The US Bankruptcy Court of the Southern District of New York has denied LATAM’s motion to raise $2.45 billion in financing. In a September 10th ruling, the court raised concerns over certain shareholders receiving more specialized treatment than others in the terms of the facility.
What was the financing plan?
Back in July, LATAM released a debtor-in-possession (DIP) financing proposal to the Bankruptcy Court of the Southern District of New York, where the airline is undergoing a Chapter 11 restructuring. In it, the proposal included up to $2.45 billion in financing separated into a few tranches.
Tranche A consisted of $1.3 billion in financing committed by Oaktree Capital Management L.P. and affiliates. Meanwhile, Tranche C comprised of $900 million coming from Qatar Airways and the Cueto and Amaro families. These Tranche C participants are shareholders of LATAM and committed to the financing back in May when the airline filed for Chapter 11. As part of Tranche C, there is also an upsize of $250 million, which other Chilean shareholders can participate in once the court approves. In total, this comes out to $2.45 billion in financing.
Why did the court reject the plan?
While it is clear that LATAM needs financing to ensure its continued survival, the terms of the financing raised some concerns. First, the Tranche C lenders were two of the airline’s largest shareholders, holding 21% of LATAM’s common stock. Combined with affiliates, it comes out to 32% of the stock.
The Tranche C DIP Facility allows LATAM, at its own choosing, to convert that debt to new shares in the reorganized LATAM at a 20% discount to the plan value. For LATAM, this means that if the airline does not have the cash to pay off the Tranche C DIP Facility, it can instead give these shareholders a sweet deal on stock in the reorganized airline. This Modified Equity Subscription Election was one of the concerns the court held and led to the rejection of the financing.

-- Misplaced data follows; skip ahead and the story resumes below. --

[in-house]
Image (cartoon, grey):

The court believes that such a financing proposal would “short-circuit” the Chapter 11 process and allocate equity in the reorganized company prematurely to existing shareholders and can be made without the oversight of the bankruptcy court.
What comes next?
The court did not state that LATAM could not seek any external financing. In fact, the carrier will need it to survive the coming few years. The company has a few options. First and foremost, it can continue to modify the Trance C DIP Facility terms to eliminate the court’s concerns. However, it may come at a cost to the airline in the form of a higher interest loan, less funding pledged by investors, or stricter terms. Although, all of that remains to be seen.
What is notable about all of these proceedings is that US-based 20% stakeholder Delta Air Lines is not part of any of the financing. In large part, this is because the carrier is focusing on its own survival, currently. However, the airline did pay LATAM $62 million earlier this year in response to the termination of the purchase agreement for four Airbus A350s. LATAM and Delta still need to get regulatory approval to move forward with the joint venture.
However, for now, the carrier has to find a way to raise some cash and receive approval from the court.
Do you think the court should have approved LATAM’s financing plans? What are your thoughts on this? Let us know in the comments!